Foods, Vol. 10, Pages 2449: Global Proteomic Analysis of Listeria monocytogenes’ Response to Linalool
Listeria monocytogenes (LM) is one of the most serious foodborne pathogens. Listeriosis, the disease caused by LM infection, has drawn attention worldwide because of its high hospitalization and mortality rates. Linalool is a vital constituent found in many essential oils; our previous studies have proved that linalool exhibits strong anti-Listeria activity. In this study, iTRAQ-based quantitative proteomics analysis was performed to explore the response of LM exposed to linalool, and to unravel the mode of action and drug targets of linalool against LM. A total of 445 differentially expressed proteins (DEPs) were screened out, including 211 up-regulated and 234 down-regulated proteins which participated in different biological functions and pathways. Thirty-one significantly enriched gene ontology (GO) functional categories were obtained, including 12 categories in “Biological Process”, 10 categories in “Cell Component”, and 9 categories in “Molecular Function”. Sixty significantly enriched biological pathways were classified, including 6 pathways in “Cell Process”, 6 pathways in “Environmental Information Processing”, 3 pathways in “Human Disease”, 40 pathways in “Metabolism”, and 2 pathways in “Organic System”. GO and Kyoto Encyclopedia of Genes (KEGG) enrichment analysis together with flow cytometry data implied that cell membranes, cell walls, nucleoids, and ribosomes might be the targets of linalool against LM. Our study provides good evidence for the proteomic analysis of bacteria, especially LM, exposed to antibacterial agents. Further, those drug targets discovered by proteomic analysis can provide theoretical support for the development of new drugs against LM.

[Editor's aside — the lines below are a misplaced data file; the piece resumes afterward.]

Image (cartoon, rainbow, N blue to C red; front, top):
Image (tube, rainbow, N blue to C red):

Free full text: Read More